Presentation on theme: "Jane Bear-Lehman, PhD, OTR/L, FAOTA NYU Steinhardt/NYU College Of Dentistry NYU Alzheimer’s Disease Center April 9, 2014 SUPPORTED IN PART BY GRANT UL1."— Presentation transcript:
Jane Bear-Lehman, PhD, OTR/L, FAOTA NYU Steinhardt/NYU College Of Dentistry NYU Alzheimer’s Disease Center April 9, 2014 SUPPORTED IN PART BY GRANT UL1 TR000038 FROM THE NATIONAL CENTER FOR THE ADVANCEMENT OF TRANSLATIONAL SCIENCE (NCATS), NATIONAL INSTITUTES OF HEALTH Fall Prevention in Older Adults with Dementia
Falls and Dementia Compromise activities of everyday living Increase dependency Reduce quality of daily life Increase the likelihood of institutionalization
Risk Factors: Falls Falls are often predictable, and injurious falls are often preventable Functional decline and activity limitation frequently occur from falling and fear of falling One-third of community dwelling elders > 65 years of age fall each year; 50% fall repeatedly
Risk Factors: Falls Fallers ↓ cognitive test results than non-Fallers and non-cognitively impaired elders Fallers ↓ gait speed and ↑ balance problems than non-Fallers and non-cognitively impaired elders Fallers ↑ fractures than non-Fallers and non- cognitively impaired elders Elders with cognitive impairment ↑ Falls compared to those without cognitive impairment
Functional Assessment Assessments are most effective and informative when conducted in the person’s natural living environment Falls prevention is effective when the individual has the opportunity to repetitively practice using the assistive devices and methods before their condition deteriorates.
Functional Risk Factors: Dementia ↓attention ↓concentration ↓memory produces ineffective judgment and impairs decision-making processes Inability to differentiate safe from unsafe environmental context Inability to recognize own strengths and limitations to engage in and to perform usual daily activities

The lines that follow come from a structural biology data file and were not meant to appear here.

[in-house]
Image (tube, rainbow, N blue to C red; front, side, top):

Functional Assessment: Intrinsic Factors Cognition Gait and Balance Depression Visual Acuity and Perception
Functional Assessment: Performance Based Observation of daily life performance tasks: o Meal preparation o Taking medication o Getting in/out of bed, chair, toilet, shower
Functional Assessment: Extrinsic Factors Review of Home Safety o Navigate through the residence Use of assistive devices: canes, walkers o Use of the bathroom Need for assistive devices: raised toilet seat, grab bars in shower, near toilet o Use of the kitchen Meal preparation Eating o Sitting and rising from bed, chairs
Management Strategies Consistent and familiar environment ↑ safety and comfort even when functional decline is evident Since the ability to self-detect bodily cues, the person is reliant on others o Visual changes may need a change in glasses to ↑ improve visual acuity o Contrasting solid primary colors may ↑visual acuity, ↓ distractibility ↓ frustration o Advance from a cane to a walker to ↑ stability during activity
Findings from C-PROFET study An early look at the on-going pilot data collection of community dwelling elders with mild dementia who participated in an in-home safety assessment with intervention shows: o ↓ or stable gait speed o ↓ or stable balance o ↑ in-home safety, no falls reported
Summary Best to begin the assessment of intrinsic factors (about the person) early and to conduct an in-home assessment for safety early Those who have the opportunity to repetitively practice safety changes in the home environment prior to deterioration and whose home environment is adjusted in response to change, show greater capacity to prevent injurious advance from a cane to a walker to maintain activity participation and safety. falls
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